Good for the environment, but annoying

Noos News

“Very annoying”, “It’s not fun to drink with something like that on your mouth” to “Helpful, because you don’t lose it that way”. Many people have noticed that hats are attached to the package these days. This will be mandatory in the European Union from next month.

This measure is aimed at combating litter and beverages into which manufacturers have put a lot of work.

“We started by developing the cap so that it fits well in the bottle and is easy to use,” says Karlin N. t. Veld, Coke’s top manager. “Then we started pilots and then converted production lines. This requires significant investment.” – Cola Netherlands.

Everyone does it

In Coca-Cola’s home country of the United States, cola bottle caps are still unscrewed. The question then is whether change here would have happened without commitment from the European Union. “We really support it because we see that fewer caps end up in the environment,” he says in ‘t Veld. “And the entire industry is involved. Everyone who markets the drinks makes sure their caps stay on the bottles.”

Package manufacturer Tetra Pak began developing the new cap five years ago. The company also conducted extensive consumer research. According to company spokesman Peter Heda, it was a huge task to ensure that around 1,000 packaging lines at different customers were converted on time. “Because it seems – from Brussels – a small adjustment, but logistically it was a big operation.”

He knows what consumers particularly want: “The packaging should be easy to open and close, and easy to pour. So you first open the cap and then twist it half a turn, so it doesn’t get stuck in the bottle.” Pour the bottle.”flow He admits that people who want to drink from a small container will find the stuck cap very annoying. “Yes, it takes some getting used to. But the idea is that even in those cases the cap stays on the bottle. Only then can you help the environment,” says Hedda.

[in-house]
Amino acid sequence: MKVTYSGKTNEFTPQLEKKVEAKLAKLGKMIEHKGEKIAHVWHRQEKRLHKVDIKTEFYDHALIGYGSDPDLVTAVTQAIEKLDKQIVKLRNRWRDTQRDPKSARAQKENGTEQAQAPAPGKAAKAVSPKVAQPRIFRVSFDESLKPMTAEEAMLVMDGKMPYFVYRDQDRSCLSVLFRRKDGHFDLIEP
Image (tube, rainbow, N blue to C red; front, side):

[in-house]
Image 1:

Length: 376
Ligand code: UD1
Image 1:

Beverage manufacturers say consumer testing has been done, but rheumatology patients, for example, are not happy with the new caps. “Because of the plastic ring, it has a smaller turning surface than loose caps, and this means there is less grip to open the cap,” says a Reuma Nederland spokesperson. On people who are well.

There are also people who collect bottle caps to raise money for charities, such as Dickij’s Doppen Depot Culemborg. “I now have 2,000 kilograms less of the cover than I did a year ago,” says Dekej Vroij. “This saves her 500 euros in revenue. She advises people to remove the cover and hand it to her.

“People think they won’t get a deposit if they don’t hand over the cover, but that’s not the case. Just remove it with a knife if necessary, but carefully of course.”

They notice at recycling companies that more bottles arrive with a cap. They are not keen on this, because the prices of the material that can be made from hats are low.

“A large portion of the caps go to customers who use them to make new packaging, but a large portion also goes into the furnace,” says Dennis van Kroonenberg, who works for recycling company Wellman.

“Written on the lid Recycle me, but then the technology and process must be set up in a way that allows this to happen. “I now focus on the raw material from which the bottles are made, which is not the cap.”

In order to properly recycle the lids, additional machines must be purchased and this is not worth it at current prices. Packaging manufacturers sourcing a lot of plastic from Asia, where prices are much lower than here, isn’t helping either, according to Van Kronenberg.

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